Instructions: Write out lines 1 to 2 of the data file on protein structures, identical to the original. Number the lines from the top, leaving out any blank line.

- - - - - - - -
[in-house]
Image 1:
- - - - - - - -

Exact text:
[in-house]
Image 1: